We examine the nutritional status of a cohort of poor Ethiopian children and their patterns of catch-up growth in height-for-age between three key development stages: age 1, age 5 and age 8 years. We use ordinary least squares (within community) and instrumental variables analysis. During the earliest period, we find that nutritional catch-up patterns vary substantially across socioeconomic groups: average catch-up growth in height-for-age is almost perfect among children in relatively better-off households, while among the poorer children, relative height is more persistent. Between 5 and 8 years of age, however, we find near-perfect persistence and no evidence of heterogeneity in catch-up growth. Our findings suggest that household wealth, and in particular access to services, can lead to substantial catch-up growth early on in life. However, for our sample, the window of opportunity to catch up appears to close as early as the age of 5.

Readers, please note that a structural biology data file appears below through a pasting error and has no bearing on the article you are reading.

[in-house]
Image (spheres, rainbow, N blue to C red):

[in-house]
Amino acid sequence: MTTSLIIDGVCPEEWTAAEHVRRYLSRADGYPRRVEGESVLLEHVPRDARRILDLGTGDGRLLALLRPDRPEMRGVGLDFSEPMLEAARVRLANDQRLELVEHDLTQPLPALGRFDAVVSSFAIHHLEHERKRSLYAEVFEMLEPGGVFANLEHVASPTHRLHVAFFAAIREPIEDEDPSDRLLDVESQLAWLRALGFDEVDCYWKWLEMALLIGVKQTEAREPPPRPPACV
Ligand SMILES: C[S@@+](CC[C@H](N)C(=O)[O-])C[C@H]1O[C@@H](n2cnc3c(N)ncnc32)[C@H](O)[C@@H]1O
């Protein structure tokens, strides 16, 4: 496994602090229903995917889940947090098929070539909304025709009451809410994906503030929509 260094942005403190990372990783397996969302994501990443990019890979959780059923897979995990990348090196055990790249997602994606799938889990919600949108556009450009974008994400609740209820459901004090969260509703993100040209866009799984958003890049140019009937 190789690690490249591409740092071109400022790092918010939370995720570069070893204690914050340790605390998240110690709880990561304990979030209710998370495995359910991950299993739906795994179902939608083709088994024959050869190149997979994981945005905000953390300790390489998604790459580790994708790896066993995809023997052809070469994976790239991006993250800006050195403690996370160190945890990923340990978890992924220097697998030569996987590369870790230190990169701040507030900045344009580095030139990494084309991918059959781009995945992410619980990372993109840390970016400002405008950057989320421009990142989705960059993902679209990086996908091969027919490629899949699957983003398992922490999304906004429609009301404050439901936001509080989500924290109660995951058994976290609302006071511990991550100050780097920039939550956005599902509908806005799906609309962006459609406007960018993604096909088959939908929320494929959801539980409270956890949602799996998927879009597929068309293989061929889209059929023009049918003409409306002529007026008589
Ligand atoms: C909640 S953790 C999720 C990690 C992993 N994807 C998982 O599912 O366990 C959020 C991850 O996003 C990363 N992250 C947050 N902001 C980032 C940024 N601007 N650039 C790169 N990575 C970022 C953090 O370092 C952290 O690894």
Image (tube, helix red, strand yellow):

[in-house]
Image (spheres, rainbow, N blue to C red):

Keywords: Catch-up growth, nutrition, children, Ethiopia.
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